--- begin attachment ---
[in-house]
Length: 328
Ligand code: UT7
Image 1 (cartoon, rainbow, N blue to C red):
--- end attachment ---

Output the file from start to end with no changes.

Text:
[in-house]
Length: 328
Ligand code: UT7
Image 1 (cartoon, rainbow, N blue to C red):